The interiors of the project are designed using a mixture between wood and concrete with exposed ceiling. The large curtain walls provide natural lighting throughout the project interiors. The mezzanines above provide spaces for private gatherings and conferences, while the space below is open to the public. A bubble diagram (bottom right) was created to place program throughout the tower. The bubble diagram also gives a sense of scale to the project through both actual sizing as well as importance of the project, with residential spaces being of the most importance. The plan of the tower (below) shows the main routes of access to the tower, responding the surrounding language of the tower. Though the tower is surrounded by a plaza, a native aspect of many areas in Barcelona, the direct routes are made for more high trafﬁc movement.
Interior Render of Lobby Space
Plan of Lower Level
The Section Perspective (left) displays the overall ﬂoors, as well as the space created in between the two towers. These two towers are connected by a bridge that passes between. The larger boxes found within the towers contain programs such as gyms, and restaurants, where occupants can go to experience more of the culture of Barcelona.
The shape of the construct was created by manipulating two rectangular shapes. By experimenting through inserting them within each other, overlapping them, and creating spaces between them, the overall shape of the project of the project was created in both plan and section.
Facade of structural and decorative elements
The facade of the tower is created through a mixture of vertical and horizontal structural elements. “X” Shaped crossbeams also add to the strength of both structure and facade. Glass windows, mullions, handrails, and pylons create multiple layers that give the facade a depth visible to those outside the tower.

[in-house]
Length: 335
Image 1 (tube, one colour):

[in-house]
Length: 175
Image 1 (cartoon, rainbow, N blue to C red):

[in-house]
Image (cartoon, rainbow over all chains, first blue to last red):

Diagram of Layers, Barcelona Spain
The Barcelona Tower is a monument that only adds to the growing Barcelona Skyline. By placing occupants within the culture it inhabits, it helps to both bring tourism to the city while housing and entertaining them. The growing problem which seems to be welcome is the tourism and crowdedness of Barcelona. The only way to ﬁght it is to accept it and shape it into a positive element. By building the tower, it opens more opportunities to tourism while also helping to contain it. 14
Monument Among Fabric Group Project with Peyton Hess
Creating a city block was the program for the site in Rome. The current site consisted of an empty lot that faces the Tiber river. Set on a slope, the site was originally elevated due to the need to prevent ﬂooding from the river but overtime has become more and more ﬂattened. Population studies were done to begin the project, research the square footage required needed, and the amount of occupants that would fulﬁll the square footage. Based off of this information, as well as information on the surrounding area, a speciﬁc program was decided upon, an Theater with a Performing Arts School and Student Housing.
The concept of the project was originally based upon the seven hills of Rome. When Rome was originally inhabited, the hills were built upon with military structures for protection and dominance over the landscape. Due to this, the valleys in between the hills were ﬁlled with locals and public space. This brought upon the idea of having seven objects, or structures, and placing them in a speciﬁc way that would create a public space in between them.
Researching the Tiber River, it was understood that most of Rome was accessed by River, whether for transportation, trade, or exploration. This brought on the Idea of having direct access to the river, and even having the construct open towards the river. By doing so, a circulation from the river to the street edge was created, as well as the set ﬁelds of view for the occupants visiting the site.
Rome has been known as traditional and has seen to shun many attempts at modern architecture among its city. Even structures by the famed Richard Meier are sometimes frowned upon and are even at risk of being torn down. In an attempt to stay true to the surrounding architectural feel of materials, only materials such as brick, wood, glass, and concrete were chosen to make up the palette of the project, making use of darker metals in speciďŹ c areas facade and structure.